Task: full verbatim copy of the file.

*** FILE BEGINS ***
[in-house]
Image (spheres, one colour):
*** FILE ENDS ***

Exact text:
[in-house]
Image (spheres, one colour):